The U.S. House passed a bill that would make it a crime to seek to gain by lying about receiving military honors.
The measure, which passed with bipartisan support, 410-3, is intended to replace the Stolen Valor Act of 2005 that the Supreme Court struck down this year on free-speech grounds, ruling that people can’t be prosecuted for lying about receiving a military medal.
Nevada Republican Joe Heck, the bill’s sponsor, said last month that the measure would be constitutional because it narrows the scope by focusing on the fraud aspect. Violators would be subject to a fine, imprisonment for as long as a year, or both, according to the bill.
“This House has the opportunity to once again show our service members and veterans that we value the magnitude of their sacrifice, while at the same time protecting the constitutional rights that they fought so hard to protect,” Heck said during floor debate earlier this week.
The bill would ensure “that the Medal of Honor, the Purple Heart and other military awards will be shielded from fraud,” Arkansas Republican Tim Griffin said in an Aug. 1 statement.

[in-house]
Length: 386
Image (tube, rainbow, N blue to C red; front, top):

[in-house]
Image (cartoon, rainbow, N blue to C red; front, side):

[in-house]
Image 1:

Supporters of the measure include the Association of the United States Navy, Association of the United States Army, the American Legion and FRA, a group that advocates for current and former members of the Navy, Marine Corps and Coast Guard.
The American Civil Liberties Union, which called the Supreme Court decision on the Stolen Valor Act a victory for free speech, opposes the bill. “We continue to have concerns, but the bill’s a marked improvement,” Gabe Rottman, legislative counsel at the ACLU’s Washington office, said in a Sept. 7 interview. “We would prefer Congress not take action.”
While the White House hasn’t taken a position on the legislation, the Obama administration defended the broader 2005 Stolen Valor Act before the Supreme Court.
The bill is H.R. 1775.
For more information, see the BGOV Bill Summary.